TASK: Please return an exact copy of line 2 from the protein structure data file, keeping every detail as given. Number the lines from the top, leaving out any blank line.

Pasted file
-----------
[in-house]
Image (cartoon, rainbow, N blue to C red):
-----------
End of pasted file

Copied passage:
Image (cartoon, rainbow, N blue to C red):